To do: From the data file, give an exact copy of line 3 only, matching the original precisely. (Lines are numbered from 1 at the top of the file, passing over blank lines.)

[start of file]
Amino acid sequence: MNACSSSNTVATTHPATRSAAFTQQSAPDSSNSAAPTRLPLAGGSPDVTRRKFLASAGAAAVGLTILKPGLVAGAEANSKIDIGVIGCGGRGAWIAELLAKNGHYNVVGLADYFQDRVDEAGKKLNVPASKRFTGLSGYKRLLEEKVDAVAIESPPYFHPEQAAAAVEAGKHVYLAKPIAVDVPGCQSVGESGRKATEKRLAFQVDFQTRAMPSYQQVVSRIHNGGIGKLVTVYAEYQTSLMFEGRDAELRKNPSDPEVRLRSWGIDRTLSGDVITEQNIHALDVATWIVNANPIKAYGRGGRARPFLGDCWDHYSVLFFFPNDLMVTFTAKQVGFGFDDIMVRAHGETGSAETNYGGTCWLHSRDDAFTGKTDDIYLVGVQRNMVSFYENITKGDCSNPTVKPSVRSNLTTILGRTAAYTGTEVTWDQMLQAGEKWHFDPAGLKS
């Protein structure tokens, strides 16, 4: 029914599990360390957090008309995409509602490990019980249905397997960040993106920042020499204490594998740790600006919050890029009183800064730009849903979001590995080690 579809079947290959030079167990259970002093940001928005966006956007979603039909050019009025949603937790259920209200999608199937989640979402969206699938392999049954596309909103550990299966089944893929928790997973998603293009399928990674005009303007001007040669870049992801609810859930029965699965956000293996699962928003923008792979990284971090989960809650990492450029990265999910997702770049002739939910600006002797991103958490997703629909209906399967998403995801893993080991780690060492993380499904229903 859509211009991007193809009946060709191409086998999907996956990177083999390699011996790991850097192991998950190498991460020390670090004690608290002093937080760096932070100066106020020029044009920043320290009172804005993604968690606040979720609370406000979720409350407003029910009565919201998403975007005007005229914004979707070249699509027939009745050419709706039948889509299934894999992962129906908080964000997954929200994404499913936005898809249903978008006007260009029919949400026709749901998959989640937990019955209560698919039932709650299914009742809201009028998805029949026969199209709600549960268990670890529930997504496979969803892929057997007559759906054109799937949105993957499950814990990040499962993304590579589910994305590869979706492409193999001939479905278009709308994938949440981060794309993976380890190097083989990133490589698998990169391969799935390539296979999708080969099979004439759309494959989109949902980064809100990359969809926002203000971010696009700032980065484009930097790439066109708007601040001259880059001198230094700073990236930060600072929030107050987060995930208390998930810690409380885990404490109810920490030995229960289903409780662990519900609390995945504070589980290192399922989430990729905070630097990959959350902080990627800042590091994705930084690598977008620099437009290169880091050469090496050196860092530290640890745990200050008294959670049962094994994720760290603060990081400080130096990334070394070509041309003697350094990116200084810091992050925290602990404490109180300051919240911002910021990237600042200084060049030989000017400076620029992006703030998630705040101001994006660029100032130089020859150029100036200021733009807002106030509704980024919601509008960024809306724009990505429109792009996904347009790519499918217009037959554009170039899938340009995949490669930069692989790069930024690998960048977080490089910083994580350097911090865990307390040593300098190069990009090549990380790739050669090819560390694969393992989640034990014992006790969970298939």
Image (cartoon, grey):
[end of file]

Image (cartoon, grey):